Within a week of being diagnosed with breast cancer four years ago, Christine Rathbun began writing a journal to deal with her emotions. Soon the pages were filled with raging rants, painful feelings and bits of humor. Writing was Rathbun's way of distancing herself from the illness and subsequent radiation treatments and chemotherapy. It became a healing tool on the bumpy road to recovery.
Reconstruction or How I Learned to Pay Attention, is a survivor's monologue, which will benefit Hurricane Voices, a not-for-profit breast cancer foundation that raises public awareness and spurs action in the fight against the disease that afflicts one out of eight women. But Reconstruction is more than just a play about coping with breast cancer. Instead, Rathbun says her illness "is a metaphor for anyone else's scary story, grief or loss."
The 70-minute monologue is part memoir, part rant. It consists of short stories including Rathbun's frank conversation with her oncologist and tender moments like telling her daughter about her illness. It opens with Rathbun in her surgeon's office the day she got her diagnosis. There are also funny moments. When she told her daughter she was going to lose her breast, the 6-year-old remarked with childlike innocence, "That is OK. I stopped nursing a long time ago." Reconstruction is a play about life, illness and joyful survival; a strong, funny, kick-ass one woman show.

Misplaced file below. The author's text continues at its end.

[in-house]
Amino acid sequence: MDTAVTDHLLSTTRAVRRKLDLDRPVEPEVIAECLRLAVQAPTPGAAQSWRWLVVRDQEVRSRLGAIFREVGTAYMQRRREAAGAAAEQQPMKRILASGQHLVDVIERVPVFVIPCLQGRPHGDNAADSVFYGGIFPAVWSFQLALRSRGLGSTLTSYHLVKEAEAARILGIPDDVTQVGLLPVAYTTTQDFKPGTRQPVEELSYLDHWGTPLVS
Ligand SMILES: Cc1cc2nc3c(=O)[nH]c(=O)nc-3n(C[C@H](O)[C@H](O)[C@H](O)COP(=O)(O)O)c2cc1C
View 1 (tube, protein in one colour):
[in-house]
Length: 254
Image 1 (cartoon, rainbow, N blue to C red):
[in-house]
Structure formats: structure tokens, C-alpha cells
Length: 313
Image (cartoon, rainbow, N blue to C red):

The performance is a benefit for Hurricane Voices. For more information, go to
Group Sales Number (15+): 617-879-2147
Appropriate For Ages: 10 and up/youth and adult
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